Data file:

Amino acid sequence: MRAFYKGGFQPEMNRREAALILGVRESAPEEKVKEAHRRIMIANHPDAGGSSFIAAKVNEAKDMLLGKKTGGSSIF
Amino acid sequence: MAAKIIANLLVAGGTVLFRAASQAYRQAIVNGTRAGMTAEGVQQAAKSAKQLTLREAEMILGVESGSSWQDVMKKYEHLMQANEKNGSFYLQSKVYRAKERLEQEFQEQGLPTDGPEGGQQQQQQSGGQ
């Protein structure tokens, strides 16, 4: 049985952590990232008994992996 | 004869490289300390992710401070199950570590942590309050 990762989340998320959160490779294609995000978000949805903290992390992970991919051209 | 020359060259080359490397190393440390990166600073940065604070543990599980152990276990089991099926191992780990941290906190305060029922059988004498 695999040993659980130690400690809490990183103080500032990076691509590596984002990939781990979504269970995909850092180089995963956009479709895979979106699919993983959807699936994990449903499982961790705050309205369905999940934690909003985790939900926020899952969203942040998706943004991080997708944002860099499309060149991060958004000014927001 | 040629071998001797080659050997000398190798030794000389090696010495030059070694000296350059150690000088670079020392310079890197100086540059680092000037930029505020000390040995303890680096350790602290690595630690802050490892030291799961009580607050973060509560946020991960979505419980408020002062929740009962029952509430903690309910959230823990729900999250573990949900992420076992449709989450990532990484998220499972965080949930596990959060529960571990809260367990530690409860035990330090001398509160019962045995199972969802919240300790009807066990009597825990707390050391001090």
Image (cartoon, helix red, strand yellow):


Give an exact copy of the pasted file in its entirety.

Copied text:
Amino acid sequence: MRAFYKGGFQPEMNRREAALILGVRESAPEEKVKEAHRRIMIANHPDAGGSSFIAAKVNEAKDMLLGKKTGGSSIF
Amino acid sequence: MAAKIIANLLVAGGTVLFRAASQAYRQAIVNGTRAGMTAEGVQQAAKSAKQLTLREAEMILGVESGSSWQDVMKKYEHLMQANEKNGSFYLQSKVYRAKERLEQEFQEQGLPTDGPEGGQQQQQQSGGQ
């Protein structure tokens, strides 16, 4: 049985952590990232008994992996 | 004869490289300390992710401070199950570590942590309050 990762989340998320959160490779294609995000978000949805903290992390992970991919051209 | 020359060259080359490397190393440390990166600073940065604070543990599980152990276990089991099926191992780990941290906190305060029922059988004498 695999040993659980130690400690809490990183103080500032990076691509590596984002990939781990979504269970995909850092180089995963956009479709895979979106699919993983959807699936994990449903499982961790705050309205369905999940934690909003985790939900926020899952969203942040998706943004991080997708944002860099499309060149991060958004000014927001 | 040629071998001797080659050997000398190798030794000389090696010495030059070694000296350059150690000088670079020392310079890197100086540059680092000037930029505020000390040995303890680096350790602290690595630690802050490892030291799961009580607050973060509560946020991960979505419980408020002062929740009962029952509430903690309910959230823990729900999250573990949900992420076992449709989450990532990484998220499972965080949930596990959060529960571990809260367990530690409860035990330090001398509160019962045995199972969802919240300790009807066990009597825990707390050391001090």
Image (cartoon, helix red, strand yellow):